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Re: Careless Law Enforcement Computer Forensics Lacking InfoSec Expertise Causes Suicides
From: Florian Weimer <fw () deneb enyo de>
Date: Sat, 01 Oct 2005 20:43:59 +0200
* Jason Coombs:
Over the last few years I have seen numerous cases in which the computer
forensic evidence proves that a third party intruder was in control of
the suspect's computer.
Let's face it: Most end-user computers are compromised in one way or
the other. This doesn't mean that the legitimate owner of the machine
isn't using it for any crimes.
I ask you this question: why doesn't law enforcement bother to conduct
an analysis of the computer evidence looking for indications of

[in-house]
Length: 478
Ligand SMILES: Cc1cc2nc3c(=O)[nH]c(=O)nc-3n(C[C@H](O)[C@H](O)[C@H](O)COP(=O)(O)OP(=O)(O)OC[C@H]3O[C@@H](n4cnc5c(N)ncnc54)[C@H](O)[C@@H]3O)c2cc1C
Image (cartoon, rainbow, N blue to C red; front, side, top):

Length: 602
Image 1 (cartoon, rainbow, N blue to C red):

third-party intrusion and malware?
It's standard practice in some countries, especially when mere
possession of data is not automatically a crime.
Every person convicted of an electronic crime against a child based only
on evidence recovered from a hard drive that happened to be in their
possession should be immediately released from whatever prison they are
now being held.
If you do this, anybody who is interested in child pornography just
infects his machine with some malware and escapes conviction. This
isn't quite feasible, either.
Law enforcement must be required to obtain Internet wiretaps, use
keyloggers and screen capture techniques, and conduct other
investigations of crimes-in-progress
As long as the possession itself is a crime, this is just a waste of
resources. I tend to agree that the current situation in most
countries is difficult because of the elusive nature of purely
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